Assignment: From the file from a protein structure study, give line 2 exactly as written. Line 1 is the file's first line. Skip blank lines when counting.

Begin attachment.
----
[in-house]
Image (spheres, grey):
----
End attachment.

Image (spheres, grey):